The broad impact of COVID-19 on the global air cargo industry is well covered. However, it's important to consider how these events are likely to impact upon air cargo space for various classes of Australian user - and in particular, Australia's primary produce exporters.
Globally, capacity fell by 45%, uplift fell by 11%, and of course this caused an increase in the utilisation factor of available capacity, driving up yield by 30%.
Australia’s air cargo market is typically asymmetrical. Australia, under normal circumstances, imports manufactured products and exports raw products. This means that the value of imports per kg normally far outweighs that of exports. In response, yield on inbound air cargoes is normally greater than that on outbound air cargoes.
However, 2020 figures look different.
Perhaps, at least partly, in response to increased cost of air freight space, a significant reduction in lower yield air cargo types like meat, horticultural products and other foods is evident. As much as we like to think of Australia’s excellent food production as high value, the reality, from an air cargo perspective, is that it simply isn’t. High value in terms of air cargo is the urgently needed machinery part where down time on a mine site is costing $1M a day. It is pharmaceutical products worth hundreds or thousands of dollars a kg. It’s the latest release of an iPhone, or a replacement jet engine for a stranded $100M aircraft. These are the things that have the buying power and yield opportunity to drive airline decisions. At least cumulatively.
While nationally, air cargo imports had basically recovered to pre COVID-19 levels by December last year, exports were still a long way behind. Nearly all of our top ten air freight exports by weight experienced a significant drop, year on year. This is possibly also partly due to reduced availability of labour for the harvest of some horticultural exports.
The average value per kg of both imports and exports travelling to and from Australia by air have both risen dramatically, likely a result of lower value products no longer travelling by air.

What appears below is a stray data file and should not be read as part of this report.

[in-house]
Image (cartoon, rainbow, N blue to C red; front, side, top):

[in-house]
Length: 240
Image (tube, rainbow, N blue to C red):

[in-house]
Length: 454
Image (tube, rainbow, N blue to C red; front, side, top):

What happens next will be of great interest - or at least it should be if Australia wishes to preserve hard won markets and customers. The rising Australian dollar, curious geopolitical environment and rising price of fuel are all likely to continue to compound the challenges facing Australia's high value agricultural exports. This will likely continue the trend of reduced volumes on air transport.
If Australia wishes to protect and retain its trade relationships and market presence, these exporters are going to continue to need support to get their product to market, and to continue to occupy market share. Australia has many competitors who will be happy to move in and supply where we don’t.
Schemes like the International Freight Assistance Mechanism are going to continue to be important in making available and preserving important capacity to market. Given the long term planning nature of Australia’s primary industry exports, advice around the future of this scheme is urgently needed. One thing we can be certain of is that capacity is not going to return to normal between now and the end of June. In the absence of a strong passenger network in and out of Australia, capacity for products like Australia’s excellent primary produce exports will continue to be problematic if left to be determined purely on commercial grounds.
Avistra Aviation Consulting provides strategic and commercial advice to airports and government seeking to grow sustainable aviation capacity and infrastructure.